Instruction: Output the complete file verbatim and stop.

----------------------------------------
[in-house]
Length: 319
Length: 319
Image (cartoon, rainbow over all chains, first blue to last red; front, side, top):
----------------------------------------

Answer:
[in-house]
Length: 319
Length: 319
Image (cartoon, rainbow over all chains, first blue to last red; front, side, top):